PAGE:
Take the 2-minute tour ×
Musical Practice & Performance Stack Exchange is a question and answer site for musicians, students, and enthusiasts. It's 100% free, no registration required.

I remember a masterclass where the piano teacher commented a piece from Chopin with something like "and after this modulation we enter the world of sharps".

This left me wondering if it was a poetic way of introducing a modulation or if it was really possible to recognize the difference of "color" between the sharp and flat tonalities without recognizing the tonality or the individual notes.

In context of a established tonality, modulating from the sharps to the flats brings at least two new notes (ex : modulating from G to F), so this could be a clue you're modulating a bit far, but it's not enough to know that you've entered in the flats (ex : from A to G).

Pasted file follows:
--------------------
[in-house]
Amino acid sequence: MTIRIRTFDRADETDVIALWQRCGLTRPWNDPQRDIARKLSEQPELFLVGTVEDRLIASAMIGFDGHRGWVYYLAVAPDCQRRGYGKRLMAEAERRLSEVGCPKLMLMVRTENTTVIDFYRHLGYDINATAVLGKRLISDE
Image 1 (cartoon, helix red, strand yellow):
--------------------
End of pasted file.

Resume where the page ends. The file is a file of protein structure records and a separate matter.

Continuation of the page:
In absence of established tonality, I think this would be analoguous to listening a perfect pitch (ex : E major is in sharp, F major is in flat, but there's only a semitone between the two scales) : you notice the scale, not the "color". The color always depends of the context : think enharmonics.

My conclusion is that distinguishing the sharps from the flats is rather a matter or familiarity with tonalities : you recognize the arpeggios from a piece you've already played, the scale fragments, maybe you can name the tonality, but you have no way to guess the color per se.

What are your thoughts about "color discrimination"? Do you think you can develop a feel for colors?

(English is not my native language, feel free to edit)

share|improve this question
1  
what do you mean by colour? If I move every note up a semitone, without perfect pitch, nothing changes as far as my ear is concerned - the intervals are the same. It's not like moving from major to a minor key. –  Dr Mayhem Sep 30 '13 at 14:20